Harvard University Launches a New Intitiative to Examine its Historical Ties to Slavery

Over the past several years Harvard University has taken several steps to address its historical ties to slavery. (For example, see JBHE posts here and here.) But now Harvard president Larry Bacow has announced a comprehensive new effort to study the issue of Harvard’s ties to slavery.

In a letter to the campus community, President Bacow stated that “it is my hope that the work of this new initiative will help the university gain important insights about our past and the enduring legacy of slavery — while also providing an ongoing platform for our conversations about our present and our future as a university community committed to having our minds opened and improved by learning.”

A 12-person committee of Harvard faculty across a wide range of disciplines will give shape and direction to the effort under the initiative which will be called Harvard and the Legacy of Slavery. Tomiko Brown-Nagin, dean of the Radcliffe Institute for Advanced Study, the Daniel P.S. Paul Professor of Constitutional Law at Harvard Law School, and a professor of history, will chair the new initiative.

Professor Brown-Nagin stated that “this committee is a powerhouse. It includes scholars of great integrity who have dedicated their lives to thinking about inequality and its consequences. We selected committee members from a broad range of disciplines and professional backgrounds. It includes leading scholars on slavery, medical anthropology, law, and more. I look forward to benefiting from their expertise and creativity as we work together to produce a set of recommendations for how to move forward; how to commemorate; and how to engage the public, the community, and students. This is deeply important work.”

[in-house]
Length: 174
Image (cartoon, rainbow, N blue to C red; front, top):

Dr. Brown-Nagin is a summa cum laude graduate of Furman University in Greenville, South Carolina. She earned a juris doctorate at Yale Law School and a Ph.D. in history at Duke University. Her book Courage to Dissent: Atlanta and the Long History of the Civil Rights Movement (Oxford University Press, 2011), won the Bancroft Prize in U.S. History.

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